It’s a big step into true adulthood: taking down the band posters, the op-shop landscapes, The Kramer and replacing them with works of original or editioned art. But cruising galleries looking for the right pieces can be intimidating, and above all expensive. The internet is the biggest art marketplace of them all, and it’s a huge source of affordable, quality work if you know where to look, with prices starting from under $100 for work by some emerging artists.
Here’s where to start.
Art Pharmacy is a platform for up-and-coming and established artists, local and foreign. It curates its selection of artists very carefully, giving its chosen up-and-comers a nice prestige boost. There are 99 artists listed on the platform currently, and they make everything from sculpture, to painting, to photography. Art Pharmacy is having a Christmas sale right now, so it’s more affordable than ever. Bren Luke’s inkjet print A Light, currently on sale for $90 and in an edition of 25, was originally commissioned as a magazine illustration. For those with a few thousand to invest, take a look at Robin Clare’s vibrant, pop-y acrylic works on paper. If you’re looking for bold colour but don’t have $3500, David Wightman is an award-winning British artist whose digital archival prints of psychedelic mountain ranges range between $320 and $550. Art Pharmacy offers free shipping and returns in Australia.
Version offers art editions from a selection of acclaimed contemporary Australian artists, including Zoe Croggon, Kate Tucker, Minna Gilligan and Jordan Marani. These are limited-edition prints, often with only a handful of copies in existence. Prices vary: our favourite work is Minna Gilligan’s vibrant Disco Round, and there are pieces by artists Peter Davidson and Jordan Marani for as low as $100. Delivery is free within Australia.
Bluethumb caught our attention during the Melbourne Art Fair in August, when it set up a guerrilla gallery in the fruit and veg section of the IGA around the corner. The point it was trying to make, its PR man Freddy Grant told me, was that buying art should be as easy as grocery shopping. There’s a host of emerging artists’ work on the website starting at $100 and going into the thousands, including work by finalists of the Archibald Prize (such as Sydney’s Loribelle Spirovski and other art awards. Bluethumb has also partnered with dozens of art centres in regional Australia, bringing the work of Indigenous artists to your fingertips. This work on paper by Jeremiah Garlngarr, from Gunbalanya in remote Arnhem Land, is going for $170. Shipping and returns are free in Australia.
Did you know you can get an original artwork by Australian art luminary John Olsen for less than $1000? Artbank is a vast art collection, available to rent. It stocks 11,000 Australian artworks, purchased since 1980, which are all owned by the federal government. (That is, owned by us, the taxpayers.) The collection pays for itself by leasing works – not just to galleries but also to any member of the public. Annual rental prices range from $165 to a few thousand. There’s a wealth of older work in the collection. This captivatingly simple image by renowned post-war photographer Ingeborg Tyssen, for instance, costs $165 for a year. If you want to splash out, a Brett Whiteley will set you back around $2000, or a Margaret Olley costs about $5500. It sounds steep, but what price would you put on getting a piece of Australian history on the wall?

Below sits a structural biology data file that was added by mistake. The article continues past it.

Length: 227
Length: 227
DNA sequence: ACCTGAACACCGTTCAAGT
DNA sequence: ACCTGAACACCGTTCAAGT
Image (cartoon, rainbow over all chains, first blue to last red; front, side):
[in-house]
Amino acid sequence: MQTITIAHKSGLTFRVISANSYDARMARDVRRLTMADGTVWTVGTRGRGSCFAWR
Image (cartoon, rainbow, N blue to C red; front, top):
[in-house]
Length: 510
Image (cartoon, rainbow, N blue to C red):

Of course, the cheapest way to buy art is often to go straight to the source. There are hundreds of talented Australian artists without representation. Finding them can be the hard part, and also the fun part. Plenty use Instagram, and even world-renowned galleries have been known to discover artists this way. Somewhere among the web of hashtags is the piece for you. As an example, a quick look at #melbourneartists brought back more than 30,000 results. Also try a combination of #contemporaryart #instaart #fineart #instagallery #artist #artistsoninstagram #artwork #art and #artoftheday, or find some local galleries and gallerists on the social-media platform, and see who they’re following. People don’t always specify prices, or even if the work is for sale, but that information is only a DM-slide away. Use your discretion here of course, and ask lots of questions of the artist, from the materials used, to how many prints are included in the edition – you don’t want to find yourself with a supposedly original work, which was printed down the road at Officeworks.
This article first appeared on Broadsheet on December 12, 2018. Some details may have changed since publication.